Though Mitt Romney has made a pilgrimage to the home of that great Michigander, Kid Rock, and has expressed his appreciation for the alternative stylings of the Killers (and their frontman Brandon Flowers, a fellow Mormon frontman), it's safe to say that if the election were decided based on the contents of the candidates' iPods, President Obama would pull an electoral sweep. During his first term the president has been quoted on the musical merits of a wide range of performers, from Bob Dylan and Bruce Springsteen to Nicki Minaj and the late Donna Summer. He also sang a bit of Al Green, flawlessly. Click through to read what our Audiophile in Chief had to say about 13 famous musicians.
"There is not a bigger giant in the history of American music."
President Obama at a White House ceremony awarding the singer the Presidential Medal of Freedom on May 29th, 2012.
"On a day like this I remember, I'm the president, but he's the Boss."
President Obama at a White House ceremony for 2009 Kennedy Center honorees on December 6th, 2009.
"I think that Michael Jackson will go down in history as one of our greatest entertainers. I grew up on his music. I still have all his stuff on my iPod. I think that his brilliance as a performer also was paired with a tragic and in many ways sad personal life. But I'm glad to see that he is being remembered primarily for the great joy that he brought to a lot of people through his extraordinary gifts as an entertainer."
President Obama in an interview with The Associated Press in July 2009.
"It was really nice to watch him just trying to work through the numbers with the house band, treating them with respect, and caring about the music."
President Obama in an interview with Rolling Stone after a White House celebration of the blues featuring Buddy Guy, B.B. King and others.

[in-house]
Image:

"He is a jackass. But he's talented."
President Obama in an interview with Atlantic Monthly in April 2012
"He was really singing our song when he sang, 'I've been everywhere, man.'"
President Obama at a White House celebration of country music on November 21st, 2011.
"His story is what 'Made in America' means."
President Obama in a pre-recorded video screened at the Budweiser Made in America festival in Philadelphia on September 1st.
"She likes to play different characters. So I don't know what's going on there . . . I don't think [daughters Sasha and Malia] really listen to Nicki Minaj that much. But let's face it, they are now hipper than me. There's a certain point where your kids get old enough where they're hipper than you are."
President Obama in an interview in September with Orlando radio station Power 95.3 on Minaj's rap claiming "I'm a Republican, voting for Mitt Romney."
"Her voice was unforgettable, and the music industry has lost a legend far too soon."
Official statement from President Obama following the singer's death in May.
"In my first term, I sang Al Green. In my second term, I'm going with Young Jeezy."
President Obama at the White House Correspondents' Dinner on April 28th.
"As we celebrate Black History Month, the blues reminds us that we've been through tougher times before."
President Obama at a White House celebration of the blues on February 22nd.
"I've hopped on planes to big cities. I've ridden buses through small towns. And along the way, I've gained an appreciation for just how much country music means to so many Americans."
President Obama at a White House celebration of country music on November 21st, 2011